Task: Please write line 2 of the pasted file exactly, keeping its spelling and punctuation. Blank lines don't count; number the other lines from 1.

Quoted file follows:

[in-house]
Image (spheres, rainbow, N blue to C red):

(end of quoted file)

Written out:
Image (spheres, rainbow, N blue to C red):